Black Mesa review
It’s not often Valve gets put to shame. The darlings of PC gaming can do little wrong, even when it does do things that irritate its fans (say hello, Left 4 Dead 2). So it makes Black Mesa all the more surprising: it’s a mod; it’s brilliant; it shows up Valve completely for merely shunting out Half-Life: Source as a forgotten non-remake using the then-new engine’s prowess. A group of 40-or-so dedicated modders – some professional programmers, some not – have all spent their free time over the last eight years crafting Black Mesa.
It was voted vapourware of the year, two years running. It became a running joke – the modders version of Duke Nukem Forever, apparently consigned to development hell for the rest of days. People once so enthusiastic about the project – entirely remaking the original Half-Life using the Source engine in a way Valve itself never bothered doing – forgot about it, moved on, got on with their lives.
Not long ago, Black Mesa was released. It isn’t vapourware, it certainly isn’t like Duke Nukem Forever and it absolutely should not be forgotten about: this is quite possibly the best mod we have ever played.
Everything you would expect from such a project has been updated, tweaked, changed or simply slapped with better textures. It’s not amazing to look at by modern standards, but by 2007-era Source engine standards it does the job admirably – and when compared to the original it’s based on, it blows Half-Life out of the water.
More than just higher definition textures and better character models though, the game incorporates everything you would expect from Source: realistic physics, realistic lighting and updated AI that means crabhead zombies will smack barrels your way and Barney and his army of security guards will get out of the way when needs be.
And the updates don’t stop there. Black Mesa is the product of a group of fans who know Half-Life, love Half-Life and respect Half-Life, but it’s also the product of people who understand things like how to create coherent worlds for the player to pass through. A few kinks from the original game have been ironed out – a room added here, a ladder placed there – and none of it feels pointless or misjudged. It’s clear that there has been a lot of care taken to restore everything as accurately as possible, and anything that just didn’t work or didn’t feel right first time around has been swapped out with surgical care and precision.
The same goes for voice work and the addition of – get this – humour. While some of the soldiers sound like people merely trying to sound tough or B-movie evil, the majority of the vocals are excellent, with soundalikes for the original actors performing admirably. Layered on top of this fine work is a layer of very knowing comedy: an entire deconstruction of the motivations of the team behind Black Mesa (no, really); individuals complaining that their job comprises of little more than walking a set route and staring at a screen for hours before returning to their set, programmed routine – it all fits. It’s not all hilarious, but there’s sure to be smiles raised as a result, and it’s all handled with enough subtlety that none of the excitement, trepidation or outright fear of the game itself is lost.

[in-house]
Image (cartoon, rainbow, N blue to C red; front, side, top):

This would all be for naught if there wasn’t a solid game backing it all up, so it helps Black Mesa for it all to be based on the skeleton framework of one Half-Life. Released in 1998, this was Valve’s big hello to the world and instantly rendered the majority of first-person shooters redundant. A long time has passed since its release, but there’s still a hell of a lot about the game that impresses and shows just how forward-thinking the original release was in terms of design.
Yes, there are issues – ones that have been happily carried over into Black Mesa – like horrible, floaty platforming sections that will see deaths through no fault of the player. There is little in the way of tactics when fighting enemies (who, once you’ve been spotted, always know where you are) beyond strafing and emptying every clip of every weapon into them.
Some unchanged level design is confusing, with a total lack of signposting leading to half-hour searches for a way out of a room, only to notice a small, barely-visible ladder in a dark corner. None of these issues or the others carried over are dealbreakers, and in fact many just feel like quirks of a decade-plus-old game.
And the reason it’s so easy to ignore the faults – so easy to shrug off falling off a ladder again – is because there’s joy in taking on an entire platoon of troops as a goatee-sporting nerd. There’s joy in taking on situations and knowing they aren’t scripted half to death. There’s joy in scamming your way through a puzzle by pretty much breaking the game. There’s joy in thwacking a midair headcrab with your crowbar. The reason it’s so easy to ignore Half-Life – and thus Black Mesa’s – faults is that there’s joy in it.
So what has come out of all of this? We’ve seen that we shouldn’t doubt the sincerity of a team of people working together just because something is taking them a long time. We’ve seen that Valve is not perfect. We’ve seen it is possible to take something brilliant and make it better if the right amount of care is given. And we’ve seen that Half-Life, a 14-year-old FPS, is still better than a hell of a lot of its current generation stablemates.